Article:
The Dusty Jewel of Nye County
The first time I’d ever heard of a place called Beatty was on a trip to Death Valley with my father in 2005. While on our way to Scotty’s Castle in the northern part of the national park, we passed a road with a sign marking “Beatty” at the other end. Pops and I kept driving, though in retrospect I wish we’d turned down that road instead, as Beatty was celebrating its one-hundred-first anniversary that year, no small feat considering nearly all of the settlements that sprung up around the same time in this area have since died out.
Unlike most boomtowns erected in this area of Nevada and California around the turn of the century, Beatty is still a functioning community. Established in 1904 after a discovery of gold, Beatty and its nearby neighbor Rhyolite, once said to be the “Chicago of the West,” attracted thousands of prospectors, miners, and businesspeople, all hoping to cash in on the mineral riches unearthed on land perched on the edge of Death Valley.
More than 100 years later, Rhyolite, once destined for greatness, is a ghost town like the other abandoned settlements littering the Death Valley area. But Beatty survived. Now, in the 21st century, it boasts slightly more than 1,000 residents with a density of fewer than 10 individuals per square mile.
In 2011, I moved to Death Valley and began working at Scotty’s Castle. Shortly thereafter, I ventured to Beatty for the first time. The first thing I learned about Beatty was how to pronounce it properly — the first syllable is “bay,” not “bee.” The second thing I learned is that Beatty can be summed up in one word: underappreciated.
My year in Death Valley was sprinkled with the occasional weekend jaunts to Beatty, mostly involving trips to the cavernous candy store, soaking in natural hot springs, eating homemade pizza at KC’s Outpost, and carousing with the local cowboys and old-timers at the Happy Burro and Sourdough Saloon on the main drag.
Now it’s 2014 and I haven’t lived in Death Valley in over two years, but I’m back in town visiting my old friend Jacob, a park ranger who has been in Death Valley for over three years. Another old Death Valley friend, Lindsey, has since moved outside the boundaries of the park to a trailer in Beatty. Jacob and I decide to visit Lindsey on her temporary home turf, and I’m bent on revisiting my past favorite Beatty haunts.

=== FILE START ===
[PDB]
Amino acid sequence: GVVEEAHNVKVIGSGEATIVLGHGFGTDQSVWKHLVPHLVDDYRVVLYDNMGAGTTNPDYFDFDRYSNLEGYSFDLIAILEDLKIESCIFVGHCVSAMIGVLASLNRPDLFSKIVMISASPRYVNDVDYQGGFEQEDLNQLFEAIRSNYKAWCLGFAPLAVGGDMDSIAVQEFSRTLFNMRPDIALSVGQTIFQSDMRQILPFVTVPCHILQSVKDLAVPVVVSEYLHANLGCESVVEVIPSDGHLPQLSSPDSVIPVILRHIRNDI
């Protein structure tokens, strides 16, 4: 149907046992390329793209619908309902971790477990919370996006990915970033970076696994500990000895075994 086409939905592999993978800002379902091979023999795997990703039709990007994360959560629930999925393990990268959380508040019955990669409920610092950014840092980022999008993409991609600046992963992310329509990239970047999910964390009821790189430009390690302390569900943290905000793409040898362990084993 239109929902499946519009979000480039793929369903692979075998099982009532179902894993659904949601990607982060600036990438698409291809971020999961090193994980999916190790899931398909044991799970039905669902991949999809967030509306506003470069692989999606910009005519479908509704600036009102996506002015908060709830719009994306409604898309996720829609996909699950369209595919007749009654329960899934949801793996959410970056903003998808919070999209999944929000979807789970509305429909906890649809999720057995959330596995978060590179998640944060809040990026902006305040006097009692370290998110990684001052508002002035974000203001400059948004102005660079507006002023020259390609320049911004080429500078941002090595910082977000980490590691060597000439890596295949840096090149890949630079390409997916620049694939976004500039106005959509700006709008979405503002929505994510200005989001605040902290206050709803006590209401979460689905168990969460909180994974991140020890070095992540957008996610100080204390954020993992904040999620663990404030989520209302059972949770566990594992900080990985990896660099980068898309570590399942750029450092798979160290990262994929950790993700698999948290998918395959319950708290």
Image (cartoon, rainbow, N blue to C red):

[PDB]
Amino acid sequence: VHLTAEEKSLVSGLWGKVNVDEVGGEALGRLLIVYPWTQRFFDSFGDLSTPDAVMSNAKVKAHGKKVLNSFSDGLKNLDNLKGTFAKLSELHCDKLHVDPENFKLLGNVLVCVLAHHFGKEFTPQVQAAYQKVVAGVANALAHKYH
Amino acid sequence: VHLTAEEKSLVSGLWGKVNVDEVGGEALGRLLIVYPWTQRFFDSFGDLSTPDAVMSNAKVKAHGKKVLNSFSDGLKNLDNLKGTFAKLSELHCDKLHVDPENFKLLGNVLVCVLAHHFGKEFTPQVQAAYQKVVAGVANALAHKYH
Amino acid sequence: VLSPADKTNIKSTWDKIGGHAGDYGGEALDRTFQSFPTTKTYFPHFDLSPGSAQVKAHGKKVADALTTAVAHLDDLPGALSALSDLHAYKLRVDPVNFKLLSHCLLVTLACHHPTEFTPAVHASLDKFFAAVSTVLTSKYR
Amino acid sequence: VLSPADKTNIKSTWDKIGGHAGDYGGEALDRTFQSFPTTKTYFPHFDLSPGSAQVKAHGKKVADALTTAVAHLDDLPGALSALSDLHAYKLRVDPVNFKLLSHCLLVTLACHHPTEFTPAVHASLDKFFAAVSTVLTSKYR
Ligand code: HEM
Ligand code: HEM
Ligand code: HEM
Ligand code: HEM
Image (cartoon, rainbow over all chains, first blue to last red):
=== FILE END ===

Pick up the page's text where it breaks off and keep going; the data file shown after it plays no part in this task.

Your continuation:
Jacob and I set off on a Sunday morning from his ranger residence in Death Valley. We cross Hell’s Gate along Daylight Pass and follow the road’s curves toward Beatty. A colorful sign warmly welcomes us to the Wild West that is the great state of Nevada. The sign is riddled with bullet holes so we know we’re in the right place.
Beatty is a treasure-trove of American West history, Mojave desert culture, and general quirk. The residents seem to have a good sense of humor, exemplified by Hope Street and its close-by street-sister, Beyond Hope.
We arrive at Lindsey’s house by 10am. She shows me around her trailer, introduces us to her friendly pooch Buck, and lets us watch as she feeds a mouse to her snake Fuego. Lindsey has been living in her Beatty trailer for the past few months, working as a museum specialist nearby. At 25 years old, she’s one of the younger adult residents of Beatty, and as a single woman, she’s even more of an anomaly.
When I ask her what it’s like to be one of the few young, single women in this area, she comments on her general lack of a happenin’ social life. “I don’t meet many people my age. Living in Beatty as a young person can be challenging. Where do you go to meet people? The library has really difficult hours for me, and the bars usually have a lot of the same people in them on any given night, and they typically aren’t my age. But there are a couple guys about my age who live down the street.”
We watch her snake consume his weekly mouse meal, and she changes topics to what she likes about living here. “The scenery is beautiful, she starts, “and the weather is fantastic. The people are welcoming, and it seems like almost everybody has at least one dog. The bars are affordable and have a really nice, laid-back atmosphere, but…” she concludes with a laugh, “I often get mistaken for a tourist even though I’ve been a regular sight in town for most of the last three years.”
Beatty, though small, has its share of tourists, mostly due to its position on the edge of Death Valley. Every temperate winter and every outrageously hot summer, tourists from all over the world pass through Beatty on their way into the national park. Death Valley is huge, over 3.3 million acres and bigger than the state of Connecticut, and Beatty is only one of the many gateways into the park. However, Beatty boasts history, recreational opportunities, and charm that some of the other border towns of Death Valley lack. And today, I plan to drag Lindsey and Jacob along on my mission to sample as much of Beatty as I can fit into one day.
Lindsey Newhall first left her home state of California when she was 20, and has since called China, Thailand, and Alaska her home. You can check out more of Lindsey’s writing on Fightland.